Byline: Rebecca Kleinman

When independent sales rep Steve Ettinger isn’t working, he’s working out. This bare-bones lifestyle may seem rather strict, even pious — unless you love what you do, in which case, it’s fun.
As a third-generation rep, the boy’s simply got retail in his blood. Spending some 40 weeks a year on the road, developing close, long-term relationships with retailers, trying to figure out his next direction — these are the things that keep him going, satisfied, while the rest of us are just awaiting the next episode of “The Sopranos.”
A “Lone Ranger” of sorts, Ettinger works for himself and by himself, though during the Chicago markets, he does employ two assistants and his wife (whose sole duty is to bake much-revered, chocolate chip cookies).
“I prefer to do all the work myself; there’s no replacement. I’ve tried it before, and it’s not worth it,” he said.
To makes things slightly more manageable, he limits his approximately 300 active accounts to Illinois, Wisconsin, Indiana, Michigan and Ohio.
It also helps to look at his showroom, located on the 12th floor of the Merchandise Mart, as a home where friends — as he describes 90 percent of his customers — drop in. Over the years, they’ve gotten the routine down pat. Ettinger sends out a monthly planner with information on show dates. When he calls far in advance for a show appointment, they say, “Hold on” and go grab it.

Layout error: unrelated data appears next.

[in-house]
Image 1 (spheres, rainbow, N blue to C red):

His well-oiled system of doing things owes much to a few decades’ worth of experience. At the age of 20, he dove head-first into the industry at Ship N’ Shore, the New York blouse company at which his father and grandfather had worked. In 1975, he transferred to Cincinnati, where he lives now, and began attending Chicago markets in the late Seventies.
During the preppy Eighties, Ettinger experienced a “terrific” nine-year run with J.G. Hook, until opening his own multiline showroom in 1989.
“I saw the consolidation of major stores and lines coming, plus the shrinking of marketing centers meant less need for regional showrooms. So the future was left mostly to independent reps like me,” he said.
That successful decision was just the beginning of a constant goal to reinvent himself within a cyclical market. Nowhere is this more evident than in his direction. Ettinger used to carry only “country classic” labels, whereas 50 percent of his inventory is now devoted to updated bridge, or contemporary lines with a misses’ fit.
“There’s still good business in my former direction, but this new trend is where the growth in my business is coming from,” he said, citing Burns as an excellent example of a “hipper, youthful-looking line without the daughter’s fit.”
Of his other lines, including Bushwacker, Chava and Bowdon, only South Cotton/South Wool is original to the showroom’s founding. To the delight of retailers who complain about not finding enough dresses, Ettinger added a day dress line this year. A division of Paris Star, O. Suzzane features upper moderate, day and evening dresses in European fabrics and styling. A better outerwear line, Four Seasons-London, also made its debut recently.
Ettinger has moved around quite a bit too. His third and current showroom of a little more than 600 square feet sits on the back hall of the 12th floor. Though its six work stations are very busy, he loved participating in October’s first StyleMax for the high visibility alone.
“I felt an excitement from the buyers that I haven’t felt in Chicago in a long, long time. I signed up for the March show right afterward,” he said.

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